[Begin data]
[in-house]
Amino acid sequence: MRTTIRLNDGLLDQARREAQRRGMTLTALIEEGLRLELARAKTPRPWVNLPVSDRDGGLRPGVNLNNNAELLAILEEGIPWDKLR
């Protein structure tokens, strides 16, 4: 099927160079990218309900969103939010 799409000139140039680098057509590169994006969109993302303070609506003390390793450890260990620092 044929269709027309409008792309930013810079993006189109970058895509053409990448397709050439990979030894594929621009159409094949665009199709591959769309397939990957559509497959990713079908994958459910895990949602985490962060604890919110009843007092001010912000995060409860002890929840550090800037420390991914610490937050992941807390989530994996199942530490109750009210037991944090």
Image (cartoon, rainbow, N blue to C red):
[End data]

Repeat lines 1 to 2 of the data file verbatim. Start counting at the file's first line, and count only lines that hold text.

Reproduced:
[in-house]
Amino acid sequence: MRTTIRLNDGLLDQARREAQRRGMTLTALIEEGLRLELARAKTPRPWVNLPVSDRDGGLRPGVNLNNNAELLAILEEGIPWDKLR